Mayor: I think it’s a fair question. It’s something that Commissioner Shea and I have talked about, and that kind of work to prepare is happening right now in the NYPD and at City Hall and we are going to have a very clear approach because I’m not going to be surprised if there is a prolonged count, recount, whatever it may be in this election and extremely strong views, and a lot of people out expressing themselves, and we have to protect the right to protest, and, you know, we expect and should be ready for a lot of peaceful protest, and obviously would have to deal with it if anyone attempts violence and we have to stop that violence.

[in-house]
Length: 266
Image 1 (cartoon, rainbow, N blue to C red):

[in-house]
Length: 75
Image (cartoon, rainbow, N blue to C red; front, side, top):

The mayor then went on to describe himself as “sad” and unprecedented that people might misconstrue the Police Benevolent Association’s endorsement of the president as evidence that cops will be conflicted in carrying out their duties, should the protesters be calling for President Trump to leave office.